AF C-130J Crashes Killing 11 | Watchkeeper Costs Under Fire | France Ups ’16 Defense Budget
- An F-35 released a weapon from its external rack for the first time in late September, according to a Lockheed Martin press release Friday. A test aircraft released four 500lb GBU-12 JDAM bombs over the Atlantic Test Range, building on testing conducted by the Marines in June when GBU-12 and GBU-32 JDAMs were dropped, presumably from the Joint Strike Fighter’s internal weapons bay.
- Meanwhile an F-35C landed aboard USS Dwight D. Eisenhower (CVN-69) on Friday as part of the second round of at-sea testing for the F-35C known as DT-II. Following the first round of tests in November – which included a catapult launch – this set of trials will also test the fighter’s fancy helmet, the Joint Precision Approach Landing System (JPALS) and operations with a full internal weapons bay. The tests are slated to last two weeks.
- An Air Force C-130J transport aircraft came down in Jalalabad, Afghanistan early on Friday morning, killing the aircraft’s six crew members and five civilian contractors on board. The Taliban claim that they shot down the aircraft as it took off, with this assertion denied by the Air Force. The crash is the sixth loss of a C-130J to date and the second time the USAF has lost one of the aircraft; however this is the first time US service personnel have been killed in a C-130J crash.
- The UK’s Watchkeeper UAV program has come under fire for cost overruns, with the majority of the 33 delivered Watchkeepers in storage despite a price tag of GBP1.2 billion ($2.4 billion). The program’s Initial Operating Capability timetable of 2017 is unlikely to be met, with only six British Army pilots trained to use the system. In total 54 Watchkeepers are due to enter service, with only three having seen very limited active service in Afghanistan. The news comes as British Prime Minister David Cameron announced on Sunday that he plans to double the UK’s fleet of UAVs.
- Finland is planning to replace two aging mine-layers and four fast attack boats heading out of service in the mid-2020s. The project, known as Squadron 2020, will see four corvettes inducted into the Finnish Navy in the latter half of next decade, with the Finnish Defense Ministry aiming to have the vessels under construction by 2019. The country’s Defence Forces estimate that the project will require approximately EUR1.2 billion ($1.36 billion) to complete, with plans also outlining a significant portion of indigenous components aboard the new vessels.
- France is increasing its defense budget next year by $671 million, with around half of this earmarked for new equipment, including orders for three A400M transporters, nine Rafale fighters and five Tiger attack helicopters, as well as a Barracuda submarine and a new frigate. The French government’s 2016 budget also allocated $4.2 billion for research & development, with the entire defense budget reaching $32 billion. The French budgetary increase comes as other European states have also announced defense budget increases in recent months.
Middle East North Africa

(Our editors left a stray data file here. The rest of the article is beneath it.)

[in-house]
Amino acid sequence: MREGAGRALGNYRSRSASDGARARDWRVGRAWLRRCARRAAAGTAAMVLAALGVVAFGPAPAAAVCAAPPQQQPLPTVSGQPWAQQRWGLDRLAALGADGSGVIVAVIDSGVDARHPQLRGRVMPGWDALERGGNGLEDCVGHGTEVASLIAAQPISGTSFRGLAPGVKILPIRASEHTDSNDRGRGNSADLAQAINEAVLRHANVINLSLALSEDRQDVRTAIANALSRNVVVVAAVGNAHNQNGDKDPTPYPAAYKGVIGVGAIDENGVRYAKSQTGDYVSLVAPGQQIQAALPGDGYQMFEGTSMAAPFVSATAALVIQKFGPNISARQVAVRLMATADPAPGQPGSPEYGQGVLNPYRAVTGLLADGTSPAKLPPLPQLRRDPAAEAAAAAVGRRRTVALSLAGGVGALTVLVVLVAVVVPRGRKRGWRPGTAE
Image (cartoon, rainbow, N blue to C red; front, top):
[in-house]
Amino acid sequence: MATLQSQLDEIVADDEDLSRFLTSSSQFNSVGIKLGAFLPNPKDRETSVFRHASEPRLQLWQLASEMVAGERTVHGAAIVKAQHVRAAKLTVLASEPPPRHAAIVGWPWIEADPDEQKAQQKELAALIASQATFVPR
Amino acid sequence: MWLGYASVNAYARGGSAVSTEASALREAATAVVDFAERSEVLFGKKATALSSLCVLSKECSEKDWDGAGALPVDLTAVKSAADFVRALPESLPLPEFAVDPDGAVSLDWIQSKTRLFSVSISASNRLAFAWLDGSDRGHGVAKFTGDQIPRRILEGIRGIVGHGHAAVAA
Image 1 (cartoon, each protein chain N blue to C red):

- Canada’s secretive plan to sell Light Armored Vehicles (LAVs) to Saudi Arabia will move forward despite criticism of the Gulf state’s human rights record. The deal – estimated to value $11 billion – has not been officially acknowledged by the Saudi government, with the Harper government contractually-assuring the deal’s low profile.
- The South Korean government has opened an investigation into a senior security official over his role in the decision to procure the F-35 in March 2014, with this finalized in September 2014. Kim Kwan-jin headed the Defense Acquisition Program Administration (DAPA) committee responsible for the selection of the Lockheed Martin jet, despite an earlier DAPA recommendation of the Boeing design on technology transfer grounds in September 2013. The failure to see four core technologies transferred to the country from the F-35 program, confirmed in September, has hit the country’s KF-X indigenous fighter competition hard, with it now thought that the transfer of these technologies was never likely. The probe is now assessing whether Kim lied about the contract’s terms in order to set Lockheed Martin up for the win.
- Japan has stood-up a new defense procurement agency in an attempt to rationalize equipment acquisition for the Japan Self Defense Forces. The Acquisition, Technology & Logistics Agency (ATLA) will try to streamline acquisition, R&D and sustainment of JSDF equipment in the face of plateauing acquisition and research budgets. The agency is also an attempt by the MoD to invigorate international defense industry collaboration, particularly with the US. Growing Japan’s domestic defense industry is also a priority for the Japanese MoD, with the new organization pulling together components from the MoD to better manage equipment research, development and acquisition.
- The Indian Air Force (IAF) has signed a $1.2 billion contract with domestic firm Bharat Electronics Ltd for radar integration services, following clearance of the project by the Cabinet Committee on Security last month. The work will mesh the country’s civilian and military radar systems, as well as establish new nodes in the country’s growing ground-based radar network.
- The F-35C aboard CVN-79 for the fighter’s second round of trials:
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